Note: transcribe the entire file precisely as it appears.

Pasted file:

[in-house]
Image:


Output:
[in-house]
Image: